Lawsuit: Homeless legal professionals say New York Metropolis subway coronavirus guidelines are essentially the most susceptible

New York City homeless attorneys have filed a lawsuit against the Metropolitan Transportation Authority, claiming the agency’s new coronavirus rules are wrongly targeting people seeking refuge on the subway because they have nowhere else to go.

According to the New York Times, the city recently decided that no one would be allowed to stay in a subway station for more than an hour or after local trains were shut down.

In addition, New Yorkers are now banned from bringing carts more than 30 inches long or wide into stations or trains.

While these rules were first introduced in April – then as a temporary measure to contain the spread of the novel coronavirus – they were introduced permanently in September.

Lawyers and lawyers for the homeless note that the rules seem almost tailored to the homeless, who often sleep in subway tunnels or are spread out over seats on night trains. With no personal storage facilities, many use wheelbarrows to store the few belongings they own.

Barry Simon, a homeless person who is a plaintiff in the lawsuit, said New York City should not view its homeless population as a people to be discarded. Instead, Simon suggested that the city and its MTA find new, more effective ways to keep people off the streets and subway stations.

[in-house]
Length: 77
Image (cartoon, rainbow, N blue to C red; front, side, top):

“Homelessness is not a problem, it’s a responsibility, and the MTA shares that responsibility,” said Simon. “When we stop seeing or confusing responsibility for a problem, we can better do it right.”

Homeless man sleeping on the sidewalk; Image courtesy of Mihály Köles via Unsplash,

Sarah Feinberg, interim president of NYC Transit – the MTA agency responsible for subway operations – told FOX5 that no matter how “devastating” homelessness may be, it is not the responsibility of the transportation authorities to protect their facilities .

“Nobody should get on the subway system because that is the only way they can escape the elements or sit on a bench for an hour or two or take a nap,” Feinberg said.

“We have to do better as a city,” said Feinberg. “But when it comes to the subway system, we are constantly moving vital workers and therefore cannot be a last resort protection.”

Abby Collins, a spokeswoman for the MTA, echoed Feinberg’s general opinion in a statement to the New York Daily News.

“We are looking into the lawsuit that we first heard about in the press,” said Collins. “We will vigorously defend in court the rules put in place to protect the health and safety of customers and employees amid a global pandemic.”

The New York Times notes that many homeless people have actively avoided barrack-style shelters since the pandemic began, precisely because they are afraid of contracting coronavirus in such crowded environments.


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